Horror Cornucopia: Great Halloween Reads

There’s something about October that draws readers to the scary books. Which are the scary books? That’s up to the reader because horror is anything that takes the reader out of his or her comfort zone. It can be the fear of child birth, living along, surviving an apocalypse, a rabid cat, germs, etc. Horror plays on the readers’ fears and makes them living nightmares. A book can invoke a feeling of horror, and not necessarily be a horror novel.

Chelsea Cain’s Heartsick describes a cop’s worst nightmare at the hands of a sadistic serial killer. The torture scene will turn anyone’s stomach, but the novel itself isn’t classified as horror and Cain does not consider herself a horror writer. This book is adopting an element from the horror camp by keeping the horror of Gretchen alive and viable. Thomas Harris did this with Silence of the Lambs, a psychological thriller, but Lector escapes at the end. The evil is not vanquished.

The Road has been lauded as a literary masterpiece, yet it is the realistic, and horrifying, fear of being one of the few humans left to survive an apocalypse that could put it in fiction’s fear category.

In keeping with October’s spooky tone, here’s a list of books that have plenty of horror elements and are dipping their rotting fingers into other literary genres.

Chelsea Cain was mentioned earlier. Heartsick is the first in a series featuring a serial killer so creepy a blind person will sleep with the lights on (Sweetheart, Evil At Heart). It falls in a couple of camps—thriller, crime, and horror—I put it in horror for the descriptive gore and terrifying character of Gretchen, who could also be called the Bride of Bundy. Gretchen is seductive, brutal, manipulative and an off-the-chart genius sociopath. Horror is all about the scare, and Gretchen is the lovechild of Carrie and Hannibal. Cain can’t keep this twisted pushmepullyou relationship going forever, and her fans can’t wait to see what she twists next.

Horror writers don’t need to look any further than their own backyards and kitchen appliances to find things to scare people with. It’s coming right out of our radios, televisions, iPhones and Netbooks. News of viruses of all kinds—computer, internet, medical, and culinary is typical in our daily lives. But horror writers are taking it a step further. What if talking on your cell phone is causing brain damage? (Cell) What if ghosts can come through your airwaves? (Ghost Radio) What kind of disease could kill an entire airplane’s passengers and crew? (The Strain) And what’s in the food and water anyway? (Fast Food Nation).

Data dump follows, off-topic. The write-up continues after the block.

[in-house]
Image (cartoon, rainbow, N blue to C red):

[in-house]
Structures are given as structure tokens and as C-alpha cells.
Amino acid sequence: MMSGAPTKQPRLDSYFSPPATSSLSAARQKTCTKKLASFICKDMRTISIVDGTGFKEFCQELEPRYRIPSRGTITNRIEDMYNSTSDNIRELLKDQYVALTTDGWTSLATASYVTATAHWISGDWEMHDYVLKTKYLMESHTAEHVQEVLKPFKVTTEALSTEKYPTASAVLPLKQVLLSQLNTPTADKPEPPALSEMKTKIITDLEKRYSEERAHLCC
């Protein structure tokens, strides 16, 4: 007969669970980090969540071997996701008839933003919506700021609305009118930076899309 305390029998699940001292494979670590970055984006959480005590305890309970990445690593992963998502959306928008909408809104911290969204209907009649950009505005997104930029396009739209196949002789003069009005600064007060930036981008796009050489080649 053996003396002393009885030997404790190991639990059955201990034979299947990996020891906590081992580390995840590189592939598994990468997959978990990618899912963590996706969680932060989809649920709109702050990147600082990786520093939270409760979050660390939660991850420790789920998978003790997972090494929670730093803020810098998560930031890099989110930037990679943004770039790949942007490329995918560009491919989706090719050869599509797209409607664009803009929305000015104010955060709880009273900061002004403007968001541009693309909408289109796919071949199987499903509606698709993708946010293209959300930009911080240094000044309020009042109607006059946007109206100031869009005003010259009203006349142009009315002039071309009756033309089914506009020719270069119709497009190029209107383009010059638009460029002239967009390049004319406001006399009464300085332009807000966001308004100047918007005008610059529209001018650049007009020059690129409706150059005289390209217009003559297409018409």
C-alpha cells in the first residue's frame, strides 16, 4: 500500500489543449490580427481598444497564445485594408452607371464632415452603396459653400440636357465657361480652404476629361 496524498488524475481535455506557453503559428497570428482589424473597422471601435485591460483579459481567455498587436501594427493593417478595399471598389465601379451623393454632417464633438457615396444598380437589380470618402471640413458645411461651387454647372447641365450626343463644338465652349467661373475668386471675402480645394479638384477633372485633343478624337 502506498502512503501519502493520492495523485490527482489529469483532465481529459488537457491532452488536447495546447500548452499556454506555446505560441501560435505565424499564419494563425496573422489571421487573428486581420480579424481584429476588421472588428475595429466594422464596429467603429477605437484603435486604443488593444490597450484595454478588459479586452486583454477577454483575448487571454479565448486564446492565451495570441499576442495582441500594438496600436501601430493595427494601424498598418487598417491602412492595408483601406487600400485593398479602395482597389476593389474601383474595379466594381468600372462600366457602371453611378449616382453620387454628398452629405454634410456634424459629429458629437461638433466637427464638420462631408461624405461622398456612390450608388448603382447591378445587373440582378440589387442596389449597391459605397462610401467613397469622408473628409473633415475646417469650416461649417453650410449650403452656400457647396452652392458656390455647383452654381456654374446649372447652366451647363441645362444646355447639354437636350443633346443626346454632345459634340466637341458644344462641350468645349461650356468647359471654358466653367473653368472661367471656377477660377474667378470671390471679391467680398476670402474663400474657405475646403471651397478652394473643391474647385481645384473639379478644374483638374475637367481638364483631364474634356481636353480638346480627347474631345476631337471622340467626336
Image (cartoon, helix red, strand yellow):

A first novel from a former magazine writer has all that old timey scare we know and love. Christopher Ransom has chosen as the subject of his first novel a house that takes life to give birth. Two career driven Los Angelenos purchase an old “birthing house” in rural Wisconsin. The locals don’t claim the manse is haunted, but tell tales of women over the past hundred years or so giving birth to many babies—not all of them normal—within it walls. What makes a house haunted? A history? Or is the haunting merely history roused from its rest? If Stephen King had been the architect and the Octomom the decorator, you’d have The Birthing House. Who knew the heartland had a heart so full of darkness?

Joe Hill is Daddy’s little boy all grown up. And who’s his Daddy? Stephen King, the ultimate horrormeister. While he definitely inherited the horror DNA, Hill prefers to poke it with a pitchfork until it giggles and squishes. Hill’s first novel, Heart-Shaped Box was a break out sensation. His second novel, Horns, adds a little more devilish fun to the horror genre. After a night of unforgettable debauchery he can’t remember, Iggy discovers horns on his head. No one else seems to notice them, but they sure want to tell Iggy all their darkest secrets, most vengeful thoughts, and vile desires. And they want Iggy’s approval for it. Hill’s talent with horror is mixing the macabre with the absurd.

Choose your own scare this month.

About the Author

Kaite Stover

Kaite Mediatore Stover is the Readers Services Manager at the Kansas City Public Library. She is a regular guest on KCUR's Book Doctors segment and moderator of The Kansas City Star’s FYI Book Club. She can tap dance, read tarot cards, and doesn’t bite.